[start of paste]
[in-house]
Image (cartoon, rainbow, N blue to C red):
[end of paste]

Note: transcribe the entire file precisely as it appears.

[in-house]
Image (cartoon, rainbow, N blue to C red):